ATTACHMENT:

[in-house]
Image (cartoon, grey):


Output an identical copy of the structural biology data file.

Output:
[in-house]
Image (cartoon, grey):